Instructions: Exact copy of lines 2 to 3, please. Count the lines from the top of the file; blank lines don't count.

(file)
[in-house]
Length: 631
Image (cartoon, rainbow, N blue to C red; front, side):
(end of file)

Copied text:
Length: 631
Image (cartoon, rainbow, N blue to C red; front, side):